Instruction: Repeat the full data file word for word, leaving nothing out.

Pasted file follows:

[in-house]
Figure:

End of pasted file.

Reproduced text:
[in-house]
Figure: